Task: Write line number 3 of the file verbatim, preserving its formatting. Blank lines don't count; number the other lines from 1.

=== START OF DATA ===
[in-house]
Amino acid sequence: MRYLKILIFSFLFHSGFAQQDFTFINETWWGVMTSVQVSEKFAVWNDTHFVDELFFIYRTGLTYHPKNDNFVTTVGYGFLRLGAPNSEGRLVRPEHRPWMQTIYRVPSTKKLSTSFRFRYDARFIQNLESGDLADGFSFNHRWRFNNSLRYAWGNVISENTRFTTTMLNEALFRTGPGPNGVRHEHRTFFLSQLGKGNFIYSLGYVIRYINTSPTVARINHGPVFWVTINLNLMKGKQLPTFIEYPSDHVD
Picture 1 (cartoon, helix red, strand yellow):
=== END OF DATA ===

Picture 1 (cartoon, helix red, strand yellow):